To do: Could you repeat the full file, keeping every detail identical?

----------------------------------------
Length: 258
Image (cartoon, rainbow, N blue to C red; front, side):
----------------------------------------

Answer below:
Length: 258
Image (cartoon, rainbow, N blue to C red; front, side):